An SSM is require
d on the Cisco ASA appliance to support Botnet Traffic Filtering.

 

Correct Answer: ABD

Explanation:

http://www.cisco.com/en/US/docs/security/asa/asa80/configuration/guide/int5505.html

 

Security Level Overview

Each VLAN interface must have a security level in the range 0 to 100 (from lowest to highest). For example, you should assign your most secure network, such as the inside business network, to level 100. The outside network connected to the Internet can be level 0. Other networks, such as a home network can be in between. You can assign interfaces to the same security level. See the “Allowing Communication Between VLAN Interfaces on the Same Security Level” section for more information.

 

http://www.cisco.com/en/US/docs/security/asa/asa80/configuration/guide/failover.html

 

Active/Standby Failover Overview

Active/Standby failover lets you use a standby security appliance to take over the functionality of a failed unit. When the active unit fails, it changes to the standby state while the standby unit changes to the active state. The unit that becomes active assumes the IP addresses (or, for transparent firewall, the management IP address) and MAC addresses of the failed unit and begins passing traffic. The unit that is now in standby state takes over the standby IP addresses and MAC addresses. Because network devices see no change in the MAC to IP address pairing, no ARP entries change or time out anywhere on the network.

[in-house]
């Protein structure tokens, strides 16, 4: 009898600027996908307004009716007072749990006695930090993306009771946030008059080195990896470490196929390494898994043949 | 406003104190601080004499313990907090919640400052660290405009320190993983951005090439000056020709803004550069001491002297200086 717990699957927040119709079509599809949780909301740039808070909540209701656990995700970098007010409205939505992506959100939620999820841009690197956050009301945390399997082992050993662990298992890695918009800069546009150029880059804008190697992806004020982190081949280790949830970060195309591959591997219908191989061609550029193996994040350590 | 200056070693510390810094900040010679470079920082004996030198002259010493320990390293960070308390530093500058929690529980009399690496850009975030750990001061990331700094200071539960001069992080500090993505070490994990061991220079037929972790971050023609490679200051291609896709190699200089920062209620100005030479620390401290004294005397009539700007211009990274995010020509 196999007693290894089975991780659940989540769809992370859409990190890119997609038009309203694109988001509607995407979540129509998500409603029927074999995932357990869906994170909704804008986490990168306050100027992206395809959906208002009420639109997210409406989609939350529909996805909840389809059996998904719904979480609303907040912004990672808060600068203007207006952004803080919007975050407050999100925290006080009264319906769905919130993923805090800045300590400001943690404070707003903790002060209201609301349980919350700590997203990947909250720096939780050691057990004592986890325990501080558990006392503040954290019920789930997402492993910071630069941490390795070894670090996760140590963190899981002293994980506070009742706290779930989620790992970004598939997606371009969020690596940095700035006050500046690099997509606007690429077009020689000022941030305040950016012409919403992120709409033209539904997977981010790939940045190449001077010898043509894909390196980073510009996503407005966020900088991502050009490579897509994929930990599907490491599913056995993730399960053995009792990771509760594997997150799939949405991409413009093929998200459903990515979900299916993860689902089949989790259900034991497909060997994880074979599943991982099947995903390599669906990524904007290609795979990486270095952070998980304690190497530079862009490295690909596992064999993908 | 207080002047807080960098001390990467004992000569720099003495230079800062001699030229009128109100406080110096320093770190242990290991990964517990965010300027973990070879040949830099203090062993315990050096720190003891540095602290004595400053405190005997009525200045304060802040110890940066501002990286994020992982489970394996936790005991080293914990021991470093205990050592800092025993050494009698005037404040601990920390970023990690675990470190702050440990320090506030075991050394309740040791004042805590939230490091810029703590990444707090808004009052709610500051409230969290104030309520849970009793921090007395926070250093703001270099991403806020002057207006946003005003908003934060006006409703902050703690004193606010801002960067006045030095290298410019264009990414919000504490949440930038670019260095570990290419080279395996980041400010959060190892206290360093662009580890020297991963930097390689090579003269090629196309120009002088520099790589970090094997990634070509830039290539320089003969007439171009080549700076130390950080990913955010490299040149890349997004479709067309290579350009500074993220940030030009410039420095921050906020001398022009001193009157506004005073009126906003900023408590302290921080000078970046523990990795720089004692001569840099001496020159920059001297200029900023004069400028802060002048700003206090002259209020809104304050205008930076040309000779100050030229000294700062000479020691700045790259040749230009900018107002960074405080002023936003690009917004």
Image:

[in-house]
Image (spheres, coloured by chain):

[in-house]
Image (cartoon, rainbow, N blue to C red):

Active/Active Failover Overview

Active/Active failover is only available to security appliances in multiple context mode. In an Active/Active failover configuration, both security appliances can pass network traffic. In Active/Active failover, you divide the security contexts on the security appliance into failover groups. A failover group is simply a logical group of one or more security contexts. You can create a maximum of two failover groups on the security appliance. The admin context is always a member of failover group 1. Any unassigned security contexts are also members of failover group 1 by default.